'Lauren's Law' to Increase Organ Donation Passed Important Committee Vote Today
ALBANY, N.Y. – The Independent Democratic Conference and Assemblyman Felix Ortiz, (D-Brooklyn) joined 10-year-old heart transplant survivor Lauren Shields and her family today in a push for life saving legislation.
The measure, “Lauren's Law,” would prohibit a driver's license application from being processed unless the organ donation section is filled out. Applicants would have to check a box stating “yes,” or “not at this time.” There currently is an organ donation section on the application, but it is not required to be filled out.
This change would increase organ donation in New York, which is ranked last in the country for the number of new donors.
“It is critical that we increase donor enrollment numbers here in New York State,” said the Senate sponsor of Lauren's Law, Senator David Carlucci, (D-Rockland/Orange), “Everyday people are losing their lives due to lack of organ donations. Lauren’s Law will save lives by significantly increasing the number of New Yorkers who chose to become life saving organ donors simply by increasing the number of people who have to make the choice.”
The bill (S.3885/A.6148) cleared its first major hurdle today, passing the Senate Committee on Transportation today.
“On March 18, 2009, just when it seemed that all hope was lost, the doctors came in and told mommy that my donor was found,” Lauren Shields said. “I had an angel that was willing to give me the gift of life. I am so thankful for the gift that I received but I know that there are so many other children and adults that are waiting just like I was. As happy as I am that I am able to get back to my regular routine, I can’t help but think about the others that still wait. I am so grateful that Senator Carlucci and Assemblyman Ortiz are taking a step to help increase donor enrollments.”
"Organ donation is an issue that is close to my heart. Like Lauren, my mother was in need of a transplant. She was one of the lucky ones because she received her kidney from my sister. Often times, however, that is not the case. On average, eighteen people die each year while waiting for an organ. There is a tremendous need for organ and tissue donors throughout our country. I am hopeful that Lauren's Law will be enacted in our state and that more people will choose to pass on the precious gift of life", said Assemblyman Felix Ortiz, Chair of the New York State Assembly Mental Health Committee and Sponsor of the bill in the Assembly.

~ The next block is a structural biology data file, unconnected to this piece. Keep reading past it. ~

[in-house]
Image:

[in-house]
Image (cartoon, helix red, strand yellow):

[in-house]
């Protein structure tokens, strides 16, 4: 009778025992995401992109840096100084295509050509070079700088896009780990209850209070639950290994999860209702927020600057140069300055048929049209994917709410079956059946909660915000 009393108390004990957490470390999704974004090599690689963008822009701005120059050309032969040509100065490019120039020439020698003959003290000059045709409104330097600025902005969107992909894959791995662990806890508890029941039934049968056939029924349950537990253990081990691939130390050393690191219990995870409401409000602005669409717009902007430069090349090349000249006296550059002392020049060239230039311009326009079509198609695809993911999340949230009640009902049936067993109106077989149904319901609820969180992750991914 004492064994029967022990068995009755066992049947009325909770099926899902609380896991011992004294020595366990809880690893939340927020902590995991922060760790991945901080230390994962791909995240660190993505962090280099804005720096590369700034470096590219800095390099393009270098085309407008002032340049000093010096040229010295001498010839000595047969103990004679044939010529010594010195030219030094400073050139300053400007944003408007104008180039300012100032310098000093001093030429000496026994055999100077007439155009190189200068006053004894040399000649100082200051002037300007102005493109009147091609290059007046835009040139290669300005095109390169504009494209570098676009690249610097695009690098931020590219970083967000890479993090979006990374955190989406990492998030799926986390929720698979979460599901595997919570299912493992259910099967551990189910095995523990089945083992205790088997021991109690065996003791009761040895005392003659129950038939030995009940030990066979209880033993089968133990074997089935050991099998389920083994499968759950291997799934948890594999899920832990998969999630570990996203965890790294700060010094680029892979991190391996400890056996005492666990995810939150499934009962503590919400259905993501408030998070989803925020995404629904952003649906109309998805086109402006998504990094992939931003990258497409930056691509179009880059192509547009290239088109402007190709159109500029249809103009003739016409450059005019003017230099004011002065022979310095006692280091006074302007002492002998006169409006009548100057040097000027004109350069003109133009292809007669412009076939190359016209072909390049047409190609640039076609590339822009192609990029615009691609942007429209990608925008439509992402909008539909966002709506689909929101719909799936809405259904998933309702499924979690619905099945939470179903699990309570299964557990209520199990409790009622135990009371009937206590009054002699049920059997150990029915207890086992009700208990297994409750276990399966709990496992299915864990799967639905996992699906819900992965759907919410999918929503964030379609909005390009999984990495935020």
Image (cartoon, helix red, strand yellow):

In New York, more than 9,300 people are on the list for organ transplants. However, the state has ranked last in the number of organ donors signed up through their DMV program. In 2009, New York ranked last in the nation, signing up only 11 percent (or 427,562) of the 3.8 million people who received a driver's license or a non-driver's identification. By contrast, Colorado signed up 64 percent of new license holders.
Nationally, there are approximately 110,000 men, women and children waiting for organ transplants. Every 11 minutes, a new name is added to the national waiting list. However, 18 people die every day because of the lack of donated organs.
“People's lives are literally on the line here,” Senator Jeff Klein, (D-Bronx/ Westchester), said. “I commend Senator Carlucci and Assemblyman Ortiz for leading the charge on this effort to expand the network of available organ donors and to help more people like Lauren.”
“April is National Donate Life Month and I can't think of a better way to observe it than to get this critically important legislation passed, and signed into law,” said Senator Diane Savino, (D-Staten Island/ Brooklyn).
“Lauren’s story is truly inspiring, and I am glad that she, Senator Carlucci and Assemblyman Ortiz are taking the lead on drawing attention to the benefits of organ donation," said Senator David J. Valesky, (D-Oneida).